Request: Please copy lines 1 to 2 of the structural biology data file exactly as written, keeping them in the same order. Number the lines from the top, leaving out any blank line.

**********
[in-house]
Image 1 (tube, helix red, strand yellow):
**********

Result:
[in-house]
Image 1 (tube, helix red, strand yellow):